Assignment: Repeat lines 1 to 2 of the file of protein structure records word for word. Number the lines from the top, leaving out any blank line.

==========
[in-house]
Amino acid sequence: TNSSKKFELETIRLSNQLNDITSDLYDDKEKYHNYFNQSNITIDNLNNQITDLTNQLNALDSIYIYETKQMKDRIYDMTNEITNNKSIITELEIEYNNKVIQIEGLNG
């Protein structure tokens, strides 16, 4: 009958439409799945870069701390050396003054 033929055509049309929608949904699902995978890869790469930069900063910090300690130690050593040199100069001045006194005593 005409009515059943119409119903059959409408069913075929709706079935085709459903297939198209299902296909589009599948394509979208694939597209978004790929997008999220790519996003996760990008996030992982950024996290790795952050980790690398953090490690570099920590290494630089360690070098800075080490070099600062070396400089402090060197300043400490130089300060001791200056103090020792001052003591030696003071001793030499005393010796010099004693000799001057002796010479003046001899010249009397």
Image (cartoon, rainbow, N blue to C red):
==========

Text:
[in-house]
Amino acid sequence: TNSSKKFELETIRLSNQLNDITSDLYDDKEKYHNYFNQSNITIDNLNNQITDLTNQLNALDSIYIYETKQMKDRIYDMTNEITNNKSIITELEIEYNNKVIQIEGLNG